Gujaareh, the city of dreams, suffers under the imperial rule of the Kisuati Protectorate. A city where the only law was peace now knows violence and oppression. A mysterious and deadly plague now haunts the citizens of Gujaareh, dooming the infected to die screaming in their sleep. Someone must show them the way.
The Shadowed Sun (Dreamblood, #2)Review:
The Shadowed Sun is the second book to the Dreamblood duology, but this book is set ten years after the first. I had the same problem that I did with the first book. It took me about 100 pages to actually get into the story and care about what was going on. I think what was weird for me was that I felt like this book could be read completely separate from the first book and the reader wouldn’t really miss much.
In this book, the city we came to know is pretty different. The characters we’re following is also different. Gujaareh is being ruled by the Kisuati Protectorate. One of the Kisuati that’s left in charge of Gujaareh is a character from the first book. I really liked her for this whole book. She stood up for what she thought the right thing was, even when that wasn’t always what she was ‘supposed’ to believe.
In this new Gujaareh, there is a nightmare plague going around that the Hetewa can’t figure out. I really liked that as the reader we got to know what was going on with this aspect of the story. I also liked that we got to see more of the world. Two of the Sharers are sent on a mission to work with the rightful heir to Gujaareh. This was definitely the most interesting part of the story. Getting to see the Shares out of their comfort zone and getting to know a bit more about the desert tribes was really interesting.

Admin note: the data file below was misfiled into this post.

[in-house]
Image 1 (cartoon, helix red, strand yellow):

Jemisin did such an incredible job building the world for this series. I thought this world was so interesting. I really liked learning about the different customs of the desert tribes but I also still really enjoyed the customs and faith of Gujaareh.
Overall, I enjoyed this book. I still had a hard time getting invested in the characters. I think it was definitely easier in this book because I was familiar with the world and a few of the characters. I am very excited to read The Hundred Thousand Kingdoms series, as that’s the only books of Jemisin’s that I haven’t read yet.

Keep on reading lovelies, Amanda.

Blogtober Book Review: The Killing Moon by N.K. Jemisin

GoodReads Summary: